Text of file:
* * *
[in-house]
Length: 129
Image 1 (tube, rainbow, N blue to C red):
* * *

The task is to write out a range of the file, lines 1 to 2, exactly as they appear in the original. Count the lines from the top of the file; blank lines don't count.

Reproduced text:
[in-house]
Length: 129